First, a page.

Spacecraft AWOL: Where Is NASA's New Solar Sail?

By Andrew Moseman | December 14, 2010 12:21 pm

NASAnanosailNanoSail-D, phone home.

On December 6, NASA launched its Fast, Affordable, Science and Technology Satellite (FASTSAT), which, among other cargo, carried the test craft NanoSail-D. No bigger than a breadbox, NanoSail-D was supposed to blast free from FASTSAT and spend three days floating free before spreading a 100-square-foot solar sail—what would be NASA’s first successful solar sail project. But while all signs initially indicated the 8-pound box succeeded in ejecting from the satellite, now NASA is not so sure. The agency is having trouble communicating with NanoSail-D, and its whereabouts are unknown.

“We have not been able to locate or make contact with NanoSail-D,” says Kim Newton of NASA’s Marshall Space Flight Center in Huntsville, Alabama. The sail was scheduled to unfurl on 9 December, but NASA reports that the deployment of the sail cannot be confirmed, and it is not clear whether the sail was successfully ejected into space. [New Scientist]

What could have gone wrong? Science asked Bill Nye, executive director of the Planetary Society, an organization which is planning to launch its own solar sail project, LightSail-1.

One, the battery may have been too small and ill-equipped to deal with the cold of space. Two, NanoSail-D could have not ejected at all, as NASA speculates. Or three, the sail could have failed to unfurl. “The key is to make it go out slowly, even in the inertial zero-gravity situation of space,” says Nye. “It wouldn’t be surprising, based on the rudimentary nature of the design, that it went out fast and tangled.” [Science]

Solar sailing is an old idea that got a new boost this summer, when Japan’s Ikaros project unfurled its golden sail in space. Dreamers like Nye imagine someday using solar sails to travel the stars, but NASA has a more mundane (but important) use in mind for the short term.

NanoSail-D is intended to demonstrate a technology that NASA hopes will help bring decommissioned satellites down from Earth’s orbit without using up valuable propellant. The idea is to use radiation from the sun as a sort of wind pushing against a thin sail to propel craft through space. Solar sails could help de-orbit larger satellites, the idea goes, thus helping free Earth orbit of dangerous, cluttering space junk, NASA officials have said. [MSNBC]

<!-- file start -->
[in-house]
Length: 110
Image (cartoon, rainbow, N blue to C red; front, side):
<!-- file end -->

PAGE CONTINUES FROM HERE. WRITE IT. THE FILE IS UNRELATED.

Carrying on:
Related Content:
DISCOVER: Space Junk: How To Clean Up the Space Age’s Mess (PHOTOS)
DISCOVER: 20 Things You Didn’t Know About… Light
80beats: Maneuvering on a Light Beam: How to Steer a Solar Sail Spacecraft
80beats: How Japan’s Success Reinvigorated Solar Sailing—and What Comes Next
80beats: Solar Sail Success: Japanese Craft Powered by the Sun’s Force

Image: NASA

  • TJ in NJ

    NASA does not have a very good track record. they have had fewer than 250 shuttle flights and 2 of them were catastrophic disasters (Colombia and Challenger). They bounced a martian lander off the Martian atmosphere because of a conversion error, and now they lost a satellite. With a budget that dwarfs the closest private competitor, shouldn’t they be doing a bit of a better job?

  • Darius2025

    Don’t know TJ but i think you fail to realize that as humans… we mostly learn by trial and error. Take a look at the history of spaceflight and you will see how many failures NASA and RASA experienced when they were first pioneering spaceflight. Today’s failures dwarf in comparison. Based on the complexities of spaceflight, I think that their track record is much better than you give them credit for.

    Thats not to say that I don’t think NASA is full of ****. The politics and fear of withdrawn funding don’t allow for full disclosure. We will probably find out what happened to this perticular satellite in about 50 years time.

  • Torres

    I agree with Darius, sorry TJ. Humans learn most effectively through trial and error. If NASA’s projects always go swimmingly they wouldn’t learn as much as when they experience failures. Furthermore, NASA has had some outstanding successes in their history, the Spirit and Opportunity rovers illustrate this point remarkably. Years after they were expected to expire they are still sending back data from the red planet. Lastly, at this moment, there is not a private company, nor another national government in the world that can perform some of the feats NASA pulls off.

  • nick

    If you’re doing everything perfectly, you’re not doing anything new.


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